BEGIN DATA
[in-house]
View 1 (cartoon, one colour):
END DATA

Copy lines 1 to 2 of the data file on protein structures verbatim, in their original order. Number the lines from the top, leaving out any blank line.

[in-house]
View 1 (cartoon, one colour):